Editorial: Attack journalism? Don't be silly

This newspaper felt the sharp edge of the Prime Minister's tongue yesterday for reporting that a United States senator had denied that National Party leader Don Brash told a senatorial delegation National would scrap the ban on nuclear-propelled ships by lunchtime. This she labelled "attack journalism".

If she meant aggressive journalism, we plead guilty; if she meant it was antagonistic to her, she is mistaken. The issue of what Dr Brash said, or did not say, to the senators in January has been festering in politics for a fortnight. It began when Helen Clark, quite improperly in our view, made public some of the contents of a note made by an officer of the Ministry of Foreign Affairs and Trade about a conversation between the senators and National members of Parliament.

Twice last week she said Dr Brash told them that if it was up to him the anti-nuclear legislation would "gone by lunchtime". Dr Brash said he could not remember. The Herald contacted one of the delegation, Senator Don Nickles. He said he did not recall Dr Brash saying any such thing. He did say that National did not give the delegation any assurances that the ban on nuclear-propelled ships would be eased. Yesterday on National Radio a second senator, Gordon Smith, questioned the Government's account of the meeting. More attack journalism?

The Herald went to some trouble to clarify this point because two important consideration are at stake: National's attitude to the nuclear policy, and the credibility of its leader. Publicly Dr Brash has been denying that National would do away with the ban unless it had a public mandate. If he had been telling foreigners something different in private it would be a matter of public concern.

Yesterday, the Government returned to the subject. Foreign Minister Phil Goff released part of the ministry note on Dr Brash's conversation. It states: "Dr Brash made the throwaway comment, 'If the National Party was in government today, we would get rid of the nuclear propulsion section today - by lunchtime even'."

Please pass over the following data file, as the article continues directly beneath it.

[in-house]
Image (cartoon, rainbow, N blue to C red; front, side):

Does that conflict with Senator Nickles' recollection that they received no assurances the ban would be eased? The official interpreted the statement as a "throwaway comment". The Americans did not take it as any sort of assurance. Yet the Government characterised it differently this week.

Far from scoring a telling blow against Dr Brash, the Government has simply compounded its original offence of bringing the contents of a confidential memorandum to public attention. It is a thoroughly good thing that the Foreign Ministry's officers attend meetings that leading Opposition members may have with visiting representatives. It is in the country's interest that those who make up its next Government are well briefed, do not leave wrong impressions about their intentions and avoid commitments they might be unable to keep.

Opposition leaders, however, will not make use of the service if the officials' reports are going to be used by the Government for political purposes. There is no way the ministry can prevent that; it has to serve the Government of the day. We rely on ministers to abide by the conventions and resist the temptation to exploit their access to such material, even when they think it discredits their opponents' public position.

Clearly the Government is anxious to move the focus off Maori issues, where National is making such headway, and onto areas where National's likely position will be less popular. Nuclear policy is ever Labour's fall-back; in trouble it invokes the bomb.

Inconveniently for Labour, and unfortunately for the country in our view, National under Dr Brash looks likely to keep the anti-nuclear policy in force, if not in legislation. This, we have said, is neither responsible nor credible, but at least we have learned from the US delegation that National did not leave the senators with a different impression. It was good of them to say so.

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